Individual sanctions generally do not affect their targets‟ political views or behaviors; that is to say, they might not be genuinely intended to modify their targets‟ political persuasion but aim to induce them to behave strategically [56]. Other challenges relate to using stolen, lost, or fraudulent travel documents by the sanctioned individuals or through the inattention or disregard of the sanction by the Member States [57]. For example, the travel bans imposed in Liberia beginning in 2001 noted that many sanctioned officials could travel under assumed names or on alternative passports where they held dual nationality [58].

Strategic Cooperation for Implementation of Asset Freezes Concerning enforcement of asset freezes, it is vital to create a substantial technical capacity and cooperation from the private sector to seize assets and freezes. The main reason is that implementing asset freezes in each country supporting the sanctions requires supporting domestic legislation, extensive cooperation from private sector financial institutions, and a high level of procedural formalization and capacity. Nonetheless, this cooperation is often lacking, especially in less developed economic systems. Another cause is that sanction lists often fail to provide sufficient information to unambiguously identify sanctioned individuals and entities [59].

Anticipating Economic Challenges of Assets Freezing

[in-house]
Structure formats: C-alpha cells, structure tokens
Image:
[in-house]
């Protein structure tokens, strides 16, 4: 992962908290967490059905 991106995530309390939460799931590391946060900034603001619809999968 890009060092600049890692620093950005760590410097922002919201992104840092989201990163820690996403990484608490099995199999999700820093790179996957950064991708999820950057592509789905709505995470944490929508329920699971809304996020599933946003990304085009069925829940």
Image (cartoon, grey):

As I insisted earlier, asset freezes are a form of targeted sanctions, relatively effective in achieving their goals while affecting only the individuals and companies that are bad actors [60]. In that sense, asset freezes, and other targeted financial sanctions may be imposed on government officials, government agencies, or private companies critical to the target country’s economy [61]. For example, a country’s central bank, national oil company, or national shipping line may be severely compromized due to its inclusion on a financial blocklist. In addition to the explicit prohibitions imposed by targeted financial sanctions, it is vital to anticipate economic challenges when international banks and corporations withdraw from the target country altogether because the burden of compliance with these measures is so significant and the potential penalties so high.

Other challenges concern identifying assets for freezing, mainly when the owners use fugitive accounts and names in foreign countries; this is a practice by many leaders from smaller states. Under US regulations, opening an account with a bank by a blocked national is not a credit transfer, and there is no reason why this transaction should be prohibited. The account, once created, becomes automatically blocked, and the money of a blocked national, up to this time uncontrolled, is brought under the control of the state [62].

Practical Application of Smart Sanctions

Unlike comprehensive sanctions that set measures whose consequences affect the entire country, smart sanctions target specific individuals and groups accused of carrying out activities such as terrorism, territorial aggression, and human violations of which the international community or its members disapprove [63]. Smart sanctions cover specific measures, most notably the freezing of assets, financial and travel restrictions, boycotts on particular commodities, and arms embargos [64]. In general, the use of smart sanctions is based on the optimistic assumption that they can inflict pain only on the primary targets, usually ruling elite members and non-state actors such as terrorist groups, but avoid collateral damage by sparing civilians from adverse effects and preventing a repeat of the painful experience of ordinary people in the country [65].